You will see that they go to great lengths to make sure the image stays in one visual field, tracking the eye movements and moving the image accordingly to prevent any "peeking."

So no, these experiments don't depend on remodeling of the connections from the eyes to the different hemispheres, and you are correct that each eye sends some information to each hemisphere. However, that information is not complete: it is separated by visual field. Your Intro to Psychology eBook shows this in Figure 4.2:

enter image description here

The "red" axons from each eye are on the right side of each retina, collect light from the left visual field, and travel to the right hemisphere. Vice versa for blue.


Short answer
Split brain subjects do not (necessarily) have to have an ablated optic chiasm.

You have to realize that the site where the right and left visual hemi-fields are split occurs in the optic chiasm. This structure is situated anatomically at a different location than the major highway between both hemispheres, namely the corpus callosum (Fig. 1). Hence, your question...

How do vision-based split-brain experiments account for the fact that the optic nerve reaches both hemispheres? Are there other properties of transmission that I'm not aware of (such as my hypothesis above)? Or is the assertion that the optic nerve transmits to both hemispheres simply false?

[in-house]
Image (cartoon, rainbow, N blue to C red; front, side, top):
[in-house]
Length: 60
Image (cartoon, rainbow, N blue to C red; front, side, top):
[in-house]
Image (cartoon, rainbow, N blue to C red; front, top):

...can be answered with the fact that split-brain subjects don't (necessarily) have their optic chiasm severed. And optic nerves do transmit to both cortices for sure (Fig. 2); each hemifield is projected to the same cortical region. This feature allows us to see depth, using binocular vision through a process referred to as binocular disparity.

Fig. 1. Mid-saggital section through the brain. source: Studoku

visual pathway
Fig. 2. Visual pathway. source: The Brain Recovery Project

  • $\begingroup$ Thanks, but it didn't completely answer the question. I was asking about how split-brain experiments work despite the fact that optic nerves transmit to both cortices. (That's been explained in the other answer: though both eyes transmit to both cortices, each cortex gets information of only one visual field) $\endgroup$
    – Hippo
    Nov 11, 2018 at 11:33